Ever wondered how The Fast and the Furious managed to make a fleet of crazy tuner cars on a movie budget of peanuts?
There’s no denying that The Fast and the Furious was a genre-defining movie. What began as a simple action film about the import tuner scene in California in the early 2000s has since gone to spawn a franchise 8 sequels long, with 2 more movies currently in development and the first spin-off film, Hobbs & Shaw, set to debut in August of this year.
While later movies have blockbuster budgets and crazy special effects, the very first Fast and Furious film had a budget about as large as most romcoms, which is next to nothing. The entire film had a budget of $39.2 million, and only $2 million of that could go towards the cars themselves. That includes all stunt cars, transportation, modifications, and repairs.
So how did the movie’s producers manage to get a fleet of 40 tuner cars for almost nothing? Technical director Craig Liberman is here to tell us the story of how everything was done. He’s been posting videos to his YouTube account with behind-the-scenes looks at how The Fast and the Furious was made since he had a hand in pretty much anything car-related in the film, which was most of it.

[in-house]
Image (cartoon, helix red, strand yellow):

Liberman reveals in his video that most production companies would have simply bought and modified however many cars they needed for the film, but on Fast and Furious’ tight budget that just wasn’t possible. Instead, they rented the main “hero” cars from private owners and then made 4-5 replicas of that car with cheaply-purchased used versions.
A tuner car from the era might have cost $100,000 or more including the cost of the original vehicle, but the replicas used as stunt cars or backups were all created for just $30,000 or less. Sometimes a lot less; stunt cars were often just made close enough to fool the camera and were missing many of the technical and interior cosmetics of the real car.
Check out Liberman’s video for even more detail and his reasoning on why the selected the cars that they did. You can see even more behind-the-scenes stuff on his YouTube channel.